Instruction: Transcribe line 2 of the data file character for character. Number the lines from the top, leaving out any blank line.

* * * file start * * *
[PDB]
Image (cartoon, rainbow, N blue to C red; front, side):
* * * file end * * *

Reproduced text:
Image (cartoon, rainbow, N blue to C red; front, side):